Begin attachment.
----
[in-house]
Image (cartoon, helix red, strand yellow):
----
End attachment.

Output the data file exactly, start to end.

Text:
[in-house]
Image (cartoon, helix red, strand yellow):